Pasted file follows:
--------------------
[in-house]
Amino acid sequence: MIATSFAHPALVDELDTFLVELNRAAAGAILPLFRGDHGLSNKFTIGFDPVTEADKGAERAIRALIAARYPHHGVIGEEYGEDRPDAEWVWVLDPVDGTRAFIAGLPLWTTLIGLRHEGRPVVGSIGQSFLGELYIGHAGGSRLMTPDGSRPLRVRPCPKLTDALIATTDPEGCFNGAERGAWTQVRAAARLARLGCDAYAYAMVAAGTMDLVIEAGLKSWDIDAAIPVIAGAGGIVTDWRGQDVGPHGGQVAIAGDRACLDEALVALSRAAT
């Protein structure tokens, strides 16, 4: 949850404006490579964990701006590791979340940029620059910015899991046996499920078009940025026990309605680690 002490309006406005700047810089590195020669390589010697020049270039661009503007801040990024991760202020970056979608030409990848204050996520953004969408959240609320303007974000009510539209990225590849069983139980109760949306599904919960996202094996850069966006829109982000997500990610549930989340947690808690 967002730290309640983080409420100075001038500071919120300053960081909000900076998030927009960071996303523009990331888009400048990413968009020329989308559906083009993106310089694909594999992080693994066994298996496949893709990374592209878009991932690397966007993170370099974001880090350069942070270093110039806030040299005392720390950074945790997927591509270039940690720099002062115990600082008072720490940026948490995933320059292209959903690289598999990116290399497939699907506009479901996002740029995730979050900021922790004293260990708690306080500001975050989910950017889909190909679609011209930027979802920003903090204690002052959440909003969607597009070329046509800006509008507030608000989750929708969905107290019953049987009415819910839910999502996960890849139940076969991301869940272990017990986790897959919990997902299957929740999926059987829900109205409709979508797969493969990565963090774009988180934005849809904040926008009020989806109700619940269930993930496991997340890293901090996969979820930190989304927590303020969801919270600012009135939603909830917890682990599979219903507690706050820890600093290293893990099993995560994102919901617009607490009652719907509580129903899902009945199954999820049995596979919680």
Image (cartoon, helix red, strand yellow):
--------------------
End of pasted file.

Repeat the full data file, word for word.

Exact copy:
[in-house]
Amino acid sequence: MIATSFAHPALVDELDTFLVELNRAAAGAILPLFRGDHGLSNKFTIGFDPVTEADKGAERAIRALIAARYPHHGVIGEEYGEDRPDAEWVWVLDPVDGTRAFIAGLPLWTTLIGLRHEGRPVVGSIGQSFLGELYIGHAGGSRLMTPDGSRPLRVRPCPKLTDALIATTDPEGCFNGAERGAWTQVRAAARLARLGCDAYAYAMVAAGTMDLVIEAGLKSWDIDAAIPVIAGAGGIVTDWRGQDVGPHGGQVAIAGDRACLDEALVALSRAAT
């Protein structure tokens, strides 16, 4: 949850404006490579964990701006590791979340940029620059910015899991046996499920078009940025026990309605680690 002490309006406005700047810089590195020669390589010697020049270039661009503007801040990024991760202020970056979608030409990848204050996520953004969408959240609320303007974000009510539209990225590849069983139980109760949306599904919960996202094996850069966006829109982000997500990610549930989340947690808690 967002730290309640983080409420100075001038500071919120300053960081909000900076998030927009960071996303523009990331888009400048990413968009020329989308559906083009993106310089694909594999992080693994066994298996496949893709990374592209878009991932690397966007993170370099974001880090350069942070270093110039806030040299005392720390950074945790997927591509270039940690720099002062115990600082008072720490940026948490995933320059292209959903690289598999990116290399497939699907506009479901996002740029995730979050900021922790004293260990708690306080500001975050989910950017889909190909679609011209930027979802920003903090204690002052959440909003969607597009070329046509800006509008507030608000989750929708969905107290019953049987009415819910839910999502996960890849139940076969991301869940272990017990986790897959919990997902299957929740999926059987829900109205409709979508797969493969990565963090774009988180934005849809904040926008009020989806109700619940269930993930496991997340890293901090996969979820930190989304927590303020969801919270600012009135939603909830917890682990599979219903507690706050820890600093290293893990099993995560994102919901617009607490009652719907509580129903899902009945199954999820049995596979919680």
Image (cartoon, helix red, strand yellow):